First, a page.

Jean Jacques Rousseau [masked]) described humans as motivated by two drives: the drive to self-preservation and the drive for success as a social being.  In his philosophy he saw the social drive as a major contributor to downfall of humanity, that is, civilization alienates humanity from its natural condition.  A few years later, Hegel [masked]) presented a stage view of human development in which consciousness was followed by self-consciousness, which required recognition from 'the Other' in order to verify one's awareness of oneself as a separate identity. Thus, he also viewed social relations as a necessary ingredient in one's identification.  His addition to the discussion was that mere participation in social relations was insufficient for identity: one had to be recognized as an equal by the other participants in the interactions or one's identity would be incomplete.  Many years later Axel Honneth (1949-present) wrote a book entitled "The Struggle for Recognition" (1995) in which he proposed that recognition is essential to self-realization.  In this proposal he draws upon early Hegel and a late 19th century sociologist, George Mead [masked]), who espoused a pragmatic approach to recognition. 

 Honneth identified three 'spheres of interaction' which correlated to three 'patterns of recognition' which were necessary for an individual to achieve a positive sense of relation-to-self. These 3 spheres were, in order of development, love, rights and solidarity.  The mode of recognition he called 'love' was formed in our primary relationships (family, close friends and lovers) and provided us with a sense of self-confidence.  The mode of recognition termed 'rights' involved our moral and legal relations with others, giving us a sense of moral and legal responsibility and self-respect.  For Honneth this meant that the individual viewed itself as a partner in interactions who possessed certain and equal rights.  Denial of those rights through social and legal means lead to one's experiencing a sense of threat to one's being an active and equal member of the society, viewed as an absence of respect.  The mode of recognition termed 'solidarity' involved recognition of one's traits and abilities.  It is this mode of recognition that provides us with our sense of self-esteem.  The key is that love and rights express universal features of human existence, but that esteem requires a social medium for achievement of individuality.  Thus, in order to achieve a full sense of one's being, one needs self-confidence, self-respect and self-esteem.  Denial of any of these recognition modes provides the motivation and justification for social struggles.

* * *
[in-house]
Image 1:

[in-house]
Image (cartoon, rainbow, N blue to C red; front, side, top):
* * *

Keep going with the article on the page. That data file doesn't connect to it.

Granted that the above is a somewhat encapsulated view of the writers mentioned, all of them identify recognition from others as a key factor in the development of self-identification.  So what exactly is this 'recognition'?  Honneth gave us a rather structured view of 'modes of recognition', but does this construction work?  Are there 3 separate stages in which recognition and thus self-identity are existent factors?  If so, do they build on one another as Honneth suggests?  If not, does the absence of any one lead to an incomplete sense of self-identity?  And there is a basic question of whether or not you feel that the relationship with others is a necessary ingredient in the construction of self-identity.  Do we actually need recognition to develop self-realization?   And, if you think it is, what is your opinion of Rousseau's notion that it is this interaction with others (that is, civilization) which is bringing about the downfall of humanity?  Are we "good" for one another or just fortuitous conveniences? 

For those interested in further reading:

Rousseau -

Hegel -

Social recognition -


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  • A former member
    A former member

    Great topic and dialogue

    November 17, 2013

  • Demba

    Look forward to it

    November 16, 2013

  • Peter

    I agree, great intro! This will be more of a maybe for me but I will do my best to be there after a long absence.

    November 16, 2013

  • A former member
    A former member

    Nice introduction, John! I bestow upon you my highest level of recognition for it. I like Rousseau. My favorite quote of his is "Have the courage to believe in nothing."

    November 14, 2013

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